As industrialisation moved on, cheaper toys came onto the market and more of the less filthy rich children were able to play with something other than sticks and knuckles. These new toys were mass-produced, often in Germany and often of tin. They could be mechanical as well. This was the age of the steam train, so clockwork railways were popular (not for girls. Don’t be silly). As were lead soldiers. There were drawbacks to lead toys, however, that Victorians were yet to discover – sucking them, as children would, was really not good for you.

These toy soldiers could be virtually flat and under a millimetre thick – which was a lot cheaper than the solid metal kind. They’d be balanced on a base so they could stand up to their full 3cm, or 4cm on horseback, and you could move them about to cries of ‘Charge!’ and ‘Bang bang boom’ to your little childish heart’s delight. The manufacture of rounded hollow soldiers had to wait until 1893, when William Britain invented them and ensured 300 figures an hour could be churned from a hand-held mould. You could buy forts and farms in which your little figures could move, but little boys would very likely invent their own setting at home, perhaps in the backyard or the street with lovely piles of dirt or stones. There was a variety of figures being manufactured: Soldiers, sailors, farmers, animals and carts were, of course, little boys’ toys.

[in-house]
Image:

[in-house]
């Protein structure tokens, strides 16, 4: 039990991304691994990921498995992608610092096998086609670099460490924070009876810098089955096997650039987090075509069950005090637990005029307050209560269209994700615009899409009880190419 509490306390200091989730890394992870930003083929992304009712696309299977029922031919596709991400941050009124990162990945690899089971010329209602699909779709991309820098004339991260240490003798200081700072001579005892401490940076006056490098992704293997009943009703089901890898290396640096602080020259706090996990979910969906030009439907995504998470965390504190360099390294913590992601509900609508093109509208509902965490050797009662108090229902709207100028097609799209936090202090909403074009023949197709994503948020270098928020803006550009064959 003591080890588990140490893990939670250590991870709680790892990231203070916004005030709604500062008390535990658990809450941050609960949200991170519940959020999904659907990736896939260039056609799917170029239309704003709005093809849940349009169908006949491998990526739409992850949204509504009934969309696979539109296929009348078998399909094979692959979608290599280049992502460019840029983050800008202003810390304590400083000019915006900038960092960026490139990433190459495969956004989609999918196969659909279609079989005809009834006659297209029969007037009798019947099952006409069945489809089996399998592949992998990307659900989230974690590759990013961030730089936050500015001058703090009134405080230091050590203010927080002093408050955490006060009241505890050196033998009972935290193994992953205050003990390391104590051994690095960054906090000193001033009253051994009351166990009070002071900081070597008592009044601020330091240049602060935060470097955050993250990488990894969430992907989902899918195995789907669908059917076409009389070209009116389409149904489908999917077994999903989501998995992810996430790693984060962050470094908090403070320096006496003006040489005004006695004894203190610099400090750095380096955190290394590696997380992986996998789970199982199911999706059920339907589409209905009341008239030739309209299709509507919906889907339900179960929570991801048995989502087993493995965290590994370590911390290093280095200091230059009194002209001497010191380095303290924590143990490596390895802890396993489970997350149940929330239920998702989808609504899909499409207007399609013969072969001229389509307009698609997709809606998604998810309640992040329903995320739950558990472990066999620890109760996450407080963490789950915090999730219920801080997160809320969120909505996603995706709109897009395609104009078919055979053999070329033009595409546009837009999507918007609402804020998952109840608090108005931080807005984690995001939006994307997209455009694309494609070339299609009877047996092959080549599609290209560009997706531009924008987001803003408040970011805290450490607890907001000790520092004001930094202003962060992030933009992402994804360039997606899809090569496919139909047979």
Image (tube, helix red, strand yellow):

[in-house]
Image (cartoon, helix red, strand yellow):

In the second half of the nineteenth century wooden toys had largely given way to metal, though there was still room for the whittling uncle to impress the young, or indeed a range of simple toys (see below). America came into its own as toy manufacturer.

In the absence of home entertainment centres, TVs and computers, Victorians had to find something to do at night. So they played card games and board games, making their own if they couldn’t buy them. By Adelaide’s time, it seems the middle class (and the other classes well before them) had wearied of being instructed educationally through absolutely everything they did or played with, and cards became a matter for pleasure. Colour printing was now possible, making cards were attractive and popular for young and old. Still, a little instruction on how to be good was almost unavoidable, which is how we have had bequeathed to us games like ‘Happy Families’ and so on. But there was also, by some point in the century, Snakes and Ladders, Ludo and Draughts, and children lucky enough to be allowed to play outside and with other children (perhaps overseen by Nanny, or grumpy Uncle Alfred, or, if working class, no-one at all) could disport themselves with hoops, marbles and skipping ropes. And there was always hopscotch.